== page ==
Chevy Volt comeback: gas prices spur best-ever monthly sales

GM had temporarily closed a Chevy Volt plant because of slack demand. But that changed in March with a record 2,289 units sold. GM's new target: 3,000 a month. 

By , Staff writer

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    A 2012 Chevrolet Volt electric vehicle is parked at the solar-powered electric charging station at General Motors Co's assembly plant in Hamtramck, Mich., in this file photo.
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Driven by $4 a gallon gasoline, new car buyers snapped up 2,289 copies of GM's new electricity-and-gasoline powered Chevrolet Volt last month, a record monthly high that more than doubled its February sales.

As a result, officials at the big automaker last week announced production would resume a week sooner than expected at its Detroit-Hamtramck assembly plant after an announced five-week shutdown due to slack demand.

Last year, the Volt morphed from "technological wonder" to "political punching bag," GM CEO Daniel Akerson told a Senate committee last month. Conservatives have questioned whether GM produced the Volt to curry favor with green-tech-loving President Obama, who was a champion of the auto bailout.

Recommended: Got Volt sticker shock? Here are the five cheapest hybrids.

 Now, however, the March sales boost has brought a measure of relief – and Mr. Akerson is expecting more.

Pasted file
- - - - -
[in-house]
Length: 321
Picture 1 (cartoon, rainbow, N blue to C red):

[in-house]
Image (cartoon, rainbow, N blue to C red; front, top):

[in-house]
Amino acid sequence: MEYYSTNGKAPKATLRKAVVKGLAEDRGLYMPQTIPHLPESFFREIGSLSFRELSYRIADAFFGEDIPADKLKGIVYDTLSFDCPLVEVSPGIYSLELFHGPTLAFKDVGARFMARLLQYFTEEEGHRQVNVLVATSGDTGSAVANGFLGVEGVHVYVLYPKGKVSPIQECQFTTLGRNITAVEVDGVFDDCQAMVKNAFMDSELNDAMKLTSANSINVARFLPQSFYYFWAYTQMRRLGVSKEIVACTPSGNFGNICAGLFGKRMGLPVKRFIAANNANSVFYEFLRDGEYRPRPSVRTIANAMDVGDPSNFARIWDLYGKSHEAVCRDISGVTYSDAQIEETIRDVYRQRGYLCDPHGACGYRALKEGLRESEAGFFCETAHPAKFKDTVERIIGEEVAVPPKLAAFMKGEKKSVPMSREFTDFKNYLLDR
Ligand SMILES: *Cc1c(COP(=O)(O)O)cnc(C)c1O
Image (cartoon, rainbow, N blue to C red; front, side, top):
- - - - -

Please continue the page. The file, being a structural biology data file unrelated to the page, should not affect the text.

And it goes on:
“It seems like we’ve sustained ourselves through this difficult period,” Akerson told Bloomberg Radio recently. “We hope to get up to 3,000-plus in the coming months, and are certainly positioning it.”

Some owners are offering rave reviews of the hybrid, which includes a tiny gasoline engine that, if needed, recharges its big battery on the fly. In online reviews, however, the key issue is that the car can travel about 40 miles just on electricity – and for a large number of Americans that's usually enough. 

On the website of the Union of Concerned Scientists, a group that touts environmental solutions, one Volt owner, Jeff, noted that he has used just 23 gallons of gas in 13 months since purchasing his Volt. In that time, he's driven 13,500 miles – about 566 miles per gallon.

"Just terrific," adds Danny Parker on a Good Housekeeping.com web page focusing on the electric car experience. "Two thousand miles driven and less than a gallon of gas. Go figure. Sporty, fun to drive. It is getting weird not going to gas stations though... Oh never mind."

Despite the new sales figures, critics say questions about the Volt remain. They have pointed to federal crash tests that resulted in fires, though the National Highway Traffic Safety Administration has concluded its investigations, saying that there is no known safety defect in the Volt. “Obama-mandated death traps,” opined the American Tradition Partnership, an anti-environmental group, on its website.

It's also an election year, so conservative pundits could use the Volt, like bankrupt solar-panel maker Solyndra, to hammer the greener aspects of Mr. Obama's energy policy.

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